Fusion Drive Stories December 10, 2015

AAPL: 116.17

0.55

Adding extra storage to a MacBook using an SD card is easy, but it works like a thumb drive or external hard drive and not like your permanent, built-in storage. That means you’ll have to manually manage the storage, dragging files to and from the drive. But TarDisk Pear lets you add extra flash storage to your MacBook using an SD card and 1-click setup to merge the storage with your internal drive. After a quick setup, the TarDisk SD card installed in your Mac will act as one fusion drive with your built-in storage. I’ve been testing the product to see if it works like it should…

expand full story

Fusion Drive Stories October 16, 2015

AAPL: 111.04

-0.82

iFixit has performed its ritual teardown of Apple’s newly refreshed 21.5-inch iMac, and while the machine might be one of Apple’s best yet for specs on the low-end desktop, it gets its worst score ever when it comes to repairability.

Earlier this week Apple officially launched the refreshed entry-level 21.5-inch iMac alongside a new Retina 4K 21.5-inch iMac after upgrading its 27-inch model with the new display tech and refreshed internals last year.

While the previous generation iMacs had many of the same issues resulting in a low repairability score, iFixit notes that the new iMac has a number of the same downsides and then some… expand full story

The best 4K & 5K displays for Mac

Fusion Drive Stories October 13, 2015

AAPL: 111.79

0.19

If you’re one of the many excited buyers chomping at the bit to get one of Apple’s latest-gen Retina iMacs, you might want to take a second to consider the specs on the new models. According to Apple’s website, the 1 TB Fusion Drives used in the new all-in-ones have seen a significant decrease in the amount of included flash storage.

How significant? The new drives ship with less than one-fifth of the previous flash storage.

expand full story

Fusion Drive Stories September 25, 2013

iFixit has taken a look at the newly-released generation iMacs, tearing down both the 21.5 inch and 27.5 inch variants. Although most of the internal structure is the same, which is to be expected given that the new iMacs have retained the same casing, there are some small differences.

iFixit points out that the 21.5 inch iMac now includes a Fusion Drive SSD bay as standard, improving future upgradeability prospects of the machine. With last year’s model, this expandability was only available if customers had specifically ordered the iMac with a Fusion Drive originally. As the new drives are now connected via PCIe, third-party drive makers should be able to make appropriate adapters to enable the addition of a second hard drive. Both the 21.5 inch and 27 inch models offer this unused PCIe Fusion Drive SSD port. A picture of the empty port is attached below.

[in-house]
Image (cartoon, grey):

expand full story

Fusion Drive Stories October 31, 2012

Developer gets Fusion Drive functionality running on older Mac

There is still a lot we do not know about Apple’s new hybrid SSD/HDD Fusion Drive option available for the new iMacs and Mac minis. Today we get a little bit of insight into how Fusion Drive will function thanks to a few blog posts by developer Patrick Stein detailing how he was able to build his own Fusion Drive solution on his Mac Pro running 10.8.2 (via MacRumors). Stein was able to get OS X to recognize an attached 120GB SSD and 750GB HDD as a single drive using diskutil and, surprisingly, exhibit Fusion Drive-like functionality with little configuration. MacRumors explained:

Stein then proceeded to test the setup, writing data first to the SSD and then to the traditional hard drive once the SSD had filled up. By preferentially accessing data that had initially been written to the traditional hard drive, Stein was able to watch as the data was automatically transferred to the SSD for faster access. Upon stopping the process, the system automatically pushed the data back to the traditional hard drive, and in one final step Stein began accessing the data once more and after about an hour was able to see it pulled back onto the SSD.

Head over to Stein’s Tumblr for all the details. ArsTechnica also has an excellent breakdown of Fusion Drive:

Based on these findings, Fusion Drive is indeed a base operating system feature, either contained within Core Storage or built into OS X 10.8.x (Jollyjinx notes at the bottom that he’s using 10.8.2). It appears that Fusion Drive detects the SSD-ishness of a drive based on SMART info read across the SATA bus, though it’s possible that Apple might be using Microsoft’s SSD detection method and simply testing attached drives’ throughput. If a Core Storage volume contains an HDD and an SSD, Fusion Drive appears to be automatically activated.

Powered by WordPress.com VIP